Using Freegal, you can stream unlimited Sony-owned music, and download up to 5 MP3s a week.
Business Source Premier (EBSCO)Full text for more than 2,200 journals, including full text for more than 1,100 peer-reviewed titles in all business disciplines, including marketing, management, MIS, POM, accounting, finance and economics. Additional full text, non-journal content includes market research reports, industry reports, country reports, company profiles and SWOT analyses.
Data-PlanetA statistical data repository contains more than 35 billion data points from 70+ source organizations. Census results, business data, health metrics, political science data and more are included in over 4.9 billion datasets presented in charts, maps, graphs, and table form, via multiple points of entry.
Mergent OnlineFully searchable database with financial details of over 13,000 active and inactive public companies listed on the NYSE, AMEX and NASDAQ exchanges, as well as over 24,000 non-U.S. active and inactive companies. Includes over 300,000 U.S. and international company annual reports.
Music Periodicals Database (ProQuest)Formerly known as International Index to Music Periodicals (IIMP). Index to more than 440 scholarly and popular periodicals in the areas of classical music, opera, jazz, popular music and pop culture, music education, musicology, music theory, and many others. There is particularly strong coverage of performance, music education, and jazz.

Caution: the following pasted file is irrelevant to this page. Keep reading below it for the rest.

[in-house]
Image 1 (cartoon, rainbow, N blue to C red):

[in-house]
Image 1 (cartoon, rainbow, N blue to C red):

Nexis UniFormerly known as LexisNexis Academic. Provides access to over 15,000 full-text news, business, and legal publications. Includes news coverage in national and regional newspapers, wire services, broadcast transcripts, international news, and non-English language sources; detailed company information and financial performance measures; and access to Shepard's Citations service for federal and state court cases.
ProQuest Global NewsStreamFull text access to a large selection of national and international newspapers, news wires and news sources.
Amp Up, a wildly popular electronic-music game, is the brainchild of KMS's cherished programmers, who now spend their time trying to keep customers dazzled with upgrades. But a couple of start-ups have ripped off the idea using their own code -- which is open source. Now they're demanding that KMS float with the rising tide and join the open-source community. How could the company make money without its IP? And why should it try? Four experts comment on this fictional case study.